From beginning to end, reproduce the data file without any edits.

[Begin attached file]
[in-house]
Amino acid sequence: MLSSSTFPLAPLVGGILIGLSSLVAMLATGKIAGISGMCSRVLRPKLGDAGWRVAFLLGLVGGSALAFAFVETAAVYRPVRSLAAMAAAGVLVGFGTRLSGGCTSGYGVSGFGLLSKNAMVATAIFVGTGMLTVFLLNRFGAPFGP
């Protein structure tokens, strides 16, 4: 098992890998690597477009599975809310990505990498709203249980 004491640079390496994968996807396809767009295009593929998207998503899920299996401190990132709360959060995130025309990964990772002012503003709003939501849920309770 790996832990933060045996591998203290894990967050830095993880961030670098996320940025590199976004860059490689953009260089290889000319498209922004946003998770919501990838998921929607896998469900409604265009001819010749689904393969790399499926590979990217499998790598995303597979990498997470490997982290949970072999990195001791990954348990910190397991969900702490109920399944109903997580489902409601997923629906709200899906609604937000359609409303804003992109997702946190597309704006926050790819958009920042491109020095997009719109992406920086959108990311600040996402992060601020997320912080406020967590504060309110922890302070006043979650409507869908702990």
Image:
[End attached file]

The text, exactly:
[in-house]
Amino acid sequence: MLSSSTFPLAPLVGGILIGLSSLVAMLATGKIAGISGMCSRVLRPKLGDAGWRVAFLLGLVGGSALAFAFVETAAVYRPVRSLAAMAAAGVLVGFGTRLSGGCTSGYGVSGFGLLSKNAMVATAIFVGTGMLTVFLLNRFGAPFGP
């Protein structure tokens, strides 16, 4: 098992890998690597477009599975809310990505990498709203249980 004491640079390496994968996807396809767009295009593929998207998503899920299996401190990132709360959060995130025309990964990772002012503003709003939501849920309770 790996832990933060045996591998203290894990967050830095993880961030670098996320940025590199976004860059490689953009260089290889000319498209922004946003998770919501990838998921929607896998469900409604265009001819010749689904393969790399499926590979990217499998790598995303597979990498997470490997982290949970072999990195001791990954348990910190397991969900702490109920399944109903997580489902409601997923629906709200899906609604937000359609409303804003992109997702946190597309704006926050790819958009920042491109020095997009719109992406920086959108990311600040996402992060601020997320912080406020967590504060309110922890302070006043979650409507869908702990």
Image: